Does anyone, in particular Dr. Masters, know if this is an accurate reflection of his opinion. The experimental support for anthropological global warming appears very convincing to me. While I'm a physicist, and not a meterologist,I do believe that we analyze data in a similar manner. So, I don't see how a first rate scientist, as Dr. Gray seems to be, can dismiss the issue so quickly.
Member Since: Posts: Comments:
21. hometownhero36547
1:36 PM CDT on April 04, 2006
Good afternoon. I just joined Wunderground after months of watching the commentary unfold here. I am the director of a recovery/response organization that was formed immediately after Hurricane Ivan in 2004 and have been working the last year and a half to make our community stronger, more prepared. We've been working the damage after Hurricane Katrina as well. I will be honest, the thought of another Gulf Coast strike frightens me. I have heard so many different models/ forecast for the 2006 Season. One model that trickled down to me from other agencies is that our area (NW Florida panhandle, the Alabama coast, and the Mississippi coast) have a 70% probability of a direct hit for the next year. Dr. Jeff, I trust your opinions...what do you feel?
Member Since: Posts: Comments:
20. indigenous
6:33 PM GMT on April 04, 2006
Thank you, Dr. Masters for all of your informative reports. I have been reading them for some time. It is like belonging to an online weather university. Many thanks!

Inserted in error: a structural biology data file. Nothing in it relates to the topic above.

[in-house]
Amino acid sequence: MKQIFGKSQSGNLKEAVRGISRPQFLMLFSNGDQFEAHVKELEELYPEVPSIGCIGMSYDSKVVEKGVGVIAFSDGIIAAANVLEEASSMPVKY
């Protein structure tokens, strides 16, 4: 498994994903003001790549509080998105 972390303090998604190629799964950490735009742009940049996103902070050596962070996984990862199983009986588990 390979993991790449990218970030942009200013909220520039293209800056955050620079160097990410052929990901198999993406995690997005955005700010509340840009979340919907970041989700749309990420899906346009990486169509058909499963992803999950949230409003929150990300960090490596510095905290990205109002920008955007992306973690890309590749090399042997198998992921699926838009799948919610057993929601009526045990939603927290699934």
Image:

Member Since: Posts: Comments:
19. sayhuh
6:03 PM GMT on April 04, 2006
I think the Thurs piece is more the warm front interaction, and Fri the dry line/cold front piece..dunno. Seems ya'll get hammered about 8 hrs after we do as well...we shall see. I have been fortunate so far, only having a bit of minor damage with all the storms so far...I missed the large hail, tornados, and only have gotten some 50-60MPH wind and pea/marble size hail thus far.
17. sayhuh
5:40 PM GMT on April 04, 2006
Michael, yes..sorry..my bias was to KC to where I live..I would expect it to be a bit later for you folks in STL.
15. fredwx
12:26 PM EST on April 04, 2006
The report offers the "best analog years for 2006" as 1964, 1996, 1999 and 2003. You may notice that more storms seem to have theatened the US East Coast vs. the Gulf Coast.

Track Charts from wunderground.com
1964

1996

1999

2003
Member Since: June 8, 2005 Posts: 221 Comments: 261
13. sayhuh
5:27 PM GMT on April 04, 2006
I will be watching for the next outbreak on Thurs across the midwest...the NAM looks pretty active. YIKES
12. JeffMasters (Admin)
12:49 PM EDT on April 04, 2006

Posted By: RL3AO (206.131.9.10) at 11:26 AM EDT on April 04, 2006.
so, was that F3 tornado the one that Dr. M was talking about possibly being an F5, or was that one not rated yet?


That tornado was rated as a strong F3. There were no F5 tornadoes in the outbreak.

Jeff Masters
11. HurricaneMyles
3:41 PM GMT on April 04, 2006
Nothing must have changed to make him more confident in anothr number.